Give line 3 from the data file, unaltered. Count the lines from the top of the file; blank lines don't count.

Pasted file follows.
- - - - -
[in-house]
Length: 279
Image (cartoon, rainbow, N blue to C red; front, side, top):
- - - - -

Image (cartoon, rainbow, N blue to C red; front, side, top):